Finding Hiking trails are the most important part for the hikers, especially for the first-time hiking in certain areas. As there are tons of hiking places around the world or in the USA people are more like to go to new places each time. And to go for a new place you need to find the hiking trail properly, otherwise, you could lose your track can also be lost.
Even if you are not in serious trouble, losing track of places will kill your time and thus mood. And losing pleasure and joy on a hiking trip is a big problem for enthusiasts. So, you should learn to find trails using map, compasses or using other navigation methods.
See More: Best Hiking Places in Europe
Finding Your Way Using the Map
A map is an aerial view of the landscape. It not only tells you where you are but also tells you what kind of terrain lies ahead.
Using maps and a compass correctly will tell you what to expect on the other side of the next mountain, as well as just around the next corner.
Learning to Read Maps
A wide variety of maps is available to the hiker, from hand-drawn squiggles presented by fellow hikers to detailed contour maps. The wilder and more rugged the trek, the more detailed your maps need to be.
Maps suitable for hiking use a much larger scale than road maps, to show sufficient detail.
Using Contour Maps to Find Hiking Trails
The most common maps used by hikers are contour maps (also known as topographic maps), which use a series of lines joining places of equal height to indicate the contours of the land.
Walking on the trails using these maps are easier. You just need to understand few tips.
- Long contour lines indicate a ridge. When they converge in a series of U-shapes, one within the next, the ridge is ending in an incline.
- Contour lines close together to show a steep incline, which may be difficult to hike.
- Long, flat lines that are close together indicate a wall-like incline with few, if any, breaks that can be climbed. The trail is likely to traverse here.
- A figure-eight shape indicates a saddle between two peaks.
- A series of circles shows a summit, knob, or protrusion; the dense lines on one side of it show a steep incline on that side.
- A lake surrounded by close lines is an unlikely campsite because the sides are too steep.
Features on a Contour Map
Many topographical features you see on a contour map are easy to recognize-hills, valleys, saddles, and ridges all have characteristic contour patterns.
Interpreting a map correctly is the key to finding a safe route.
How to Read the Map for Finding Ways
A contour map shows information on the ground such as peaks and valleys, as well as rivers, lakes, roads, trails, buildings, and power lines.
A key of symbols will tell you how to interpret the signs for natural and artificial features. Reading a contour map is just like reading any other map. The only difference is the use of contour lines to show the elevation of the land.
Choosing a Proper Scale
Look for maps that have a scale of from 1:25,000 (27, inches on the map equals 1 mile on the ground, or 4 cm on the map equals 1 km on the ground) to 1:50,000.
The bigger the second number, the more area the map will cover, but the less detail it will show.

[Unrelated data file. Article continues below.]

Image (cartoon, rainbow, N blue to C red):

Using Map Software to Find Trail is Easier
With the introduce of super modern technologies, backpacking and hiking tactics has changed a lot. You now have new gadgets, hiking software and many more.
Computerized maps for many hiking areas are available through the internet or on CD-Roms. Electronic maps frequently offer much more information than paper maps.
They even allow you to compare several different routes, adding up total elevation gains and distance from the campsite to campsite. When available, these programs can be an enormous help when you are planning longer hikes.
Map Essentials to Know for Measuring Distance
Here are some essentials and features to accurately using the map during your hiking session.
Being able to look at a map and accurately gauge the distance from one point to another is an essential skill. There are two ways you can do this:
Use a Map Wheel
this is a tiny wheel that you trace precisely along the route you plan to take. The wheel measures the distance on the map, which can then be scaled up to an on-the-ground distance.
- Normally Distance in miles is shown in the window. You just need to give it some time and you will start to understand it pretty easily.
- Hold the device like a pen and roll the wheel along the route on the map. And you will be able to hold it and point it properly.
Estimate Distance of Your Trail
Estimating distances for Finding Hiking Trails is a very important part of your hiking session. First, split the route into sections by marking the map with a pencil each time the route turns.
Then measure each section with a ruler, add the figures up, then convert to miles. It will help you to measure the distance properly without any problems.
Calculating Total Distance for Finding Hiking Trails
The total distance that you calculate will probably be less than the actual distance. This is because neither method above can account for the extra distance caused by climbing and descending.
The more detailed the map, the more accurate your estimate will be. For example, switchbacks are often drawn inaccurately but add great distance. If your trail is shown as a squiggly line crossing steep contours, add 30 percent to your estimate.